Mihaylo College grad Taryn Hoffmann-Torres interned with Deloitte in Brazil in 2015.

Photo by James Calish

Taryn Hoffmann-Torres, a business accounting senior, spent this past summer in Brazil, in an internship with Deloitte, one of the “big four” accounting firms. Hoffmann-Torres recounts her experiences while in Brazil and how international internships can benefit business students.

Understanding the importance of internships in the contemporary business world, business accounting senior Taryn Hoffmann-Torres ‘15 took an accounting intern position in summer 2014. Working for Deloitte, a global financial services corporation operating in 150 countries, Hoffmann-Torres spent the summer in Fortaleza, Brazil, with the company’s Global Internship Program (GIP).

“The flight, lodging and meals were fully paid, in addition to a generous hourly pay that made the opportunity even more attractive,” Hoffmann-Torres says. “I had never been to Brazil but was always intrigued by its melting pot of cultures, its music, such as the samba and bossa nova, and its cuisine,” she says. “More importantly, I liked the challenge of working abroad and wanted to have a memorable internship experience.”

Deloitte prepared Hoffmann-Torres for the assignment by providing cultural travel guides and free access to language learning software Rosetta Stone to learn Portuguese, Brazil’s official language. Spoken by 250 million people around the world, mostly in Portugal, Brazil and parts of southern Africa, Portuguese is a romance language, like Spanish. Read More

Michael Oates, a Mihaylo College MBA alumnus who is the founder of Cafe Hidalgo in Downtown Fullerton and author of "Wade in the Water," a novel on the 1889 Johnstown, Pennsylvania, flood. A Cal State Fullerton business undergraduate and MBA alumnus, Michael Oates shares his success as an entrepreneur and author of the historical novel Wade in the Water. He gives practical advice on how to succeed as a startup in the Southern California restaurant industry and shares the inspiration for his novel, which discusses one of the worst natural disasters in American history.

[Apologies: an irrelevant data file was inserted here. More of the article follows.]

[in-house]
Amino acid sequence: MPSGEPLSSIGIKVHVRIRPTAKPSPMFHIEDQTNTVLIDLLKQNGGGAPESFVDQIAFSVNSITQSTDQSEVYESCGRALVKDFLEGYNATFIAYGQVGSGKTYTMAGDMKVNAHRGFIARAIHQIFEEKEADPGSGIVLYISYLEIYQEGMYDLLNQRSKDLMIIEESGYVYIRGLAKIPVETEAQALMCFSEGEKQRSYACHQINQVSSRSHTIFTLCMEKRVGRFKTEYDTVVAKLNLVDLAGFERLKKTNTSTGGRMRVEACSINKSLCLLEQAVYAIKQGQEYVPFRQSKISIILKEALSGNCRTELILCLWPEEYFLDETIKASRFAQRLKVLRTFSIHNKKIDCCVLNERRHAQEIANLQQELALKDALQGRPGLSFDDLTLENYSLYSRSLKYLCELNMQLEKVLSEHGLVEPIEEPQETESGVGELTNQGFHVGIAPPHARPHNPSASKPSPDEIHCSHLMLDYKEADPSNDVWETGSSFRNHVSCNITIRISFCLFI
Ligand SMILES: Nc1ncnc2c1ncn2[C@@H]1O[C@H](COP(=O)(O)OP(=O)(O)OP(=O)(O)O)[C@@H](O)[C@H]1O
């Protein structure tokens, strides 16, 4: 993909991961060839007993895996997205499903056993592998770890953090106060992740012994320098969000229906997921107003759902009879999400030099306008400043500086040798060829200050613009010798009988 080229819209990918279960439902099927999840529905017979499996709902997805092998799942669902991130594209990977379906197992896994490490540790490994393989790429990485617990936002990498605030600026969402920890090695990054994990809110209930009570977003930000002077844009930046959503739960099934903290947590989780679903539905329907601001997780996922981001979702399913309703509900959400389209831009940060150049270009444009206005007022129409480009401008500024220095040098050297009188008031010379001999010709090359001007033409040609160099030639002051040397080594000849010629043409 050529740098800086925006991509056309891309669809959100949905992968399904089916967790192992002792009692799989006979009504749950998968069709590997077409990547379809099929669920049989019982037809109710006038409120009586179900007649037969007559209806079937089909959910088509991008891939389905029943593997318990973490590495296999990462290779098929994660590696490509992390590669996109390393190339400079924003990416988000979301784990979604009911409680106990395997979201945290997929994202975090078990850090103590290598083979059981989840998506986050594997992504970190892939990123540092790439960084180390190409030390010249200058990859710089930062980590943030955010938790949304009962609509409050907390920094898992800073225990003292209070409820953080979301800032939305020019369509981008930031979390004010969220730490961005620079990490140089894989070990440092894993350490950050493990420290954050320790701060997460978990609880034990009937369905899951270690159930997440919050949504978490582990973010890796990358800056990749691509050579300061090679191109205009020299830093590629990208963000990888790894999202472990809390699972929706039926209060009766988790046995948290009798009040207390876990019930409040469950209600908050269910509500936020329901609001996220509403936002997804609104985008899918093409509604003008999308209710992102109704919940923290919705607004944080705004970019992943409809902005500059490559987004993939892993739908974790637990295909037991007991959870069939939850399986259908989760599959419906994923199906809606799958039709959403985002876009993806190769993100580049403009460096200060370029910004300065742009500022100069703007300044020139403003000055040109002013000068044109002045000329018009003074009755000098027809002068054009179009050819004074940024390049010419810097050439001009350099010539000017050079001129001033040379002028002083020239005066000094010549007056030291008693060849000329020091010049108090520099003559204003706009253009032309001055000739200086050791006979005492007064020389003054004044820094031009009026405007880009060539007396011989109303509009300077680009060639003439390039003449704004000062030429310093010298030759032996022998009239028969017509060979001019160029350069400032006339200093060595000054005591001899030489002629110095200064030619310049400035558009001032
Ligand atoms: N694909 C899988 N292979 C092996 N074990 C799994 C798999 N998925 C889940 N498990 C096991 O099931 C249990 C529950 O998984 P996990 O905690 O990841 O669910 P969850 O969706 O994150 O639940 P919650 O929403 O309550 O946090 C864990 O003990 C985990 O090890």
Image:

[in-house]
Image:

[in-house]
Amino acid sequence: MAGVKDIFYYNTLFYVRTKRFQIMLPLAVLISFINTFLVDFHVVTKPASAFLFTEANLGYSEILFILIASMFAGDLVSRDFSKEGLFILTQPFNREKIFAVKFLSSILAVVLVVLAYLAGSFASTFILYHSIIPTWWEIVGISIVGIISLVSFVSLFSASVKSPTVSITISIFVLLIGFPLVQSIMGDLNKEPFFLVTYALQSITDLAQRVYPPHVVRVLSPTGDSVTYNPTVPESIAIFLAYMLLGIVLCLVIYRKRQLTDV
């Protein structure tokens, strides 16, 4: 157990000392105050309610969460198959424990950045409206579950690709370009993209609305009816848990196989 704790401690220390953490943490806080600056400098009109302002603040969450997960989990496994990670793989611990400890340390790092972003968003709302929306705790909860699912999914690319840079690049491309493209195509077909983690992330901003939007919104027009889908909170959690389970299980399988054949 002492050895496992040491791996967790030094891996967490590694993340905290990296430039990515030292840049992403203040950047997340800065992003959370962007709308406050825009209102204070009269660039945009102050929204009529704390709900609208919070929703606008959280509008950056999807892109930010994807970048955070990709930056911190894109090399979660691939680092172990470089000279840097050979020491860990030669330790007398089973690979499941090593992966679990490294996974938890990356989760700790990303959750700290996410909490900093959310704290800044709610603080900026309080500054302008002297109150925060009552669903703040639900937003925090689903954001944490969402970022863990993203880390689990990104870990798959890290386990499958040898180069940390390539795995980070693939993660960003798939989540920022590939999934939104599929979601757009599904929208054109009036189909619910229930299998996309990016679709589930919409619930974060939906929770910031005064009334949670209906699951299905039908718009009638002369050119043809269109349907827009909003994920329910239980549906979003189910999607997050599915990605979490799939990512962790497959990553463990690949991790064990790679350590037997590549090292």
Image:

Michael Oates, owner of Café Hidalgo in downtown Fullerton and author of the historical novel Wade in the Wateris a 1992 graduate of CSUF Mihaylo’s MBA program. During the past 20 years, he has used the knowledge gained from his degrees to become both a successful entrepreneur in the restaurant industry and an author. Oates credits much of his success to his Mihaylo education.

“Receiving my MBA from CSUF has given me confidence and credibility in both the restaurant industry and the business community at large,” he says. “Yes, there were a lot of classes to take, exams to study for, papers to write and a wealth of knowledge to absorb, but the benefits went far beyond that.”

He believes that the practical skills he learned in his classes has helped him perform basic accounting, marketing and management for his business, yet he believes that it is the reputation and commitment attached to a top-notch college education that opens doors. “Higher education, especially a program such as Mihaylo’s, where heavy class loads and high expectations are the norm, builds a strong, resilient character that others see, colleagues are drawn to and bosses cannot help but notice,” he says. Read More

A view of the Hong Kong skyline from the The Peak.

Hong Kong, one of the four Asian Tiger economies that powered the region’s economic transformation in the second half of the 20th century.

The economies of East Asia are outpacing the world average in economic growth and are projected to continue their rise to prominence in the future. In a globalized world economy, what do business students need to know about the rise of the Asian economies? CSUF Economics Professor Robert Mead shares some insights about the economies of East Asia and what students can do to be active participants in the world economy.

East Asia, a region encompassing the economic giants Japan and China as well as the upstart economies of Southeast Asia, has a population of 2.2 billion people, over a quarter of the world’s total. It also has more than a third of the world’s total economic output.

CSUF Economics Professor Robert Mead tells students that the East Asian economies have been remarkable in their persistence toward economic vitality over the past half century. The region’s economic development started in Japan and spread to the “Asian Tiger” economies of Taiwan, South Korea, Hong Kong and Singapore in the mid-20th Century. China has made a transition from a Communist command economy to one of the world’s most dynamic economies, while Southeast Asian nations such as Malaysia, Indonesia and Thailand are rapidly becoming developed countries.

“China, India, Japan and Korea are the four major economies in Asia, though all of the Asian economies are growing faster than the rest of the world in the general,” Mead says. Particularly, China and India are notable because of their huge populations – more than one billion citizens each – which make them economic leaders by sheer size alone. Yet all of the Asian economies are notable for outpacing the world average in economic growth over the last 50 years. Read More